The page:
CRA, now there is an agreement: strike over
TORONTO – The strike at the Canada Revenue Agency has also ended: a (provisional) agreement has been reached with the federal government for the 35,000 workers in the revenue sector. The announcement came after the government and the Public Service Alliance of Canada (PSAC) reached separate agreements that ended the strike by more than 120,000 federal civil servants.
The employees of the CRA, represented by the Union of Fiscal Workers of the PSAC, were still on strike two days after the expiry of the federal tax returns: a fact that caused many inconveniences to the taxpayers. But this was not the reason for reaching the agreement, but – probably – the “threat” of a union demonstration in Ottawa, on the occasion of the Liberal Party Convention: a “warning”, that of the union, which evidently convinced the federal government to accelerate the negotiations to reach a conclusion.
The agreement is similar to what has already been reached for other federal public employees: salary increases totaling 12.6% (the initial request was more than 20%) for the duration of the agreement from 2021 to 2024, as well as an additional fourth year to protect workers from inflation. There is also a one-time lump sum payment of $2,500 which is an additional 3.6% of salary.
“After more than a year and a half of negotiations that led to one of the largest strikes in Canadian history, the PSAC-UTE bargaining team has reached an interim agreement for Canada’s more than 35,000 workers of the Revenue Agency providing essential services to Canadians. With the strike now over, members of the PSAC-UTE are required to return to work on May 4 by 11.30am at the latest”, union says in a note. Since today, therefore, the workers of the CRA have returned to their offices.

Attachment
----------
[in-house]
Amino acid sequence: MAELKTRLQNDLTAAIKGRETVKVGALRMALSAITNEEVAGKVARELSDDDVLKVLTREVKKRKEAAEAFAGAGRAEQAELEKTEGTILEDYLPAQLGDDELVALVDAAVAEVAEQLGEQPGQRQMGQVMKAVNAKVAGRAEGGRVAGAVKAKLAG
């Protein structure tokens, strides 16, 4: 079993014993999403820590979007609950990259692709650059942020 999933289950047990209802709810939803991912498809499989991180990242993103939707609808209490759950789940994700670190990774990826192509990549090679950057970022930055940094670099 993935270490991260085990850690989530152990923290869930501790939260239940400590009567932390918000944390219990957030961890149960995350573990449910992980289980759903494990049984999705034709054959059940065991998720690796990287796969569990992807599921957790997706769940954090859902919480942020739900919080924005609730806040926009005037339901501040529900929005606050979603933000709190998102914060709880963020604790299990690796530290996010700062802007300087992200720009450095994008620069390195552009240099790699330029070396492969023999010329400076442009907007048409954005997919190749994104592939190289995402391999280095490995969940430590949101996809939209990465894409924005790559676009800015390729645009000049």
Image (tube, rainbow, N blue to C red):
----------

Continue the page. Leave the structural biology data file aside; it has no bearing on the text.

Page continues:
“In this provisional agreement – continues the union – the PSAC-UTE has secured a fair contract for its members, which exceeds the original offer of the employer before the start of the strike action and provides for wage increases higher than those negotiated by other federal bargaining agents. It also provides significant new protections against layoffs, as well as improvements to working hours, telecommuting, and seniority”.
Additionally, “PSAC members will now be better protected from arbitrary remote work decisions. Managers will need to evaluate remote work requests individually, not by group, and will need to provide written responses that will allow members and the PSAC to deem the employer responsible for fair decision-making on remote work. Reviewing all remote work applications on an individual basis will prevent future ‘collective ordinances’ as announced by the federal government in December last year. This means that the rights of employees regarding remote working arrangements will be protected through a grievance process and grievances that are not resolved before the final stage may be referred to a new union-management joint committee to address issues in relation to enforcement by the employer of the Remote Working Directive and to make recommendations to HR managers”.
Also envisaged, among other things, is the implementation of safety and inclusiveness in the workplace and protection from any outsourcing of services. Also in this case, therefore, a victory for the union on (almost) all fronts.
In the pic above, one of the union’s protests (photo from Twitter -@usje_sesj)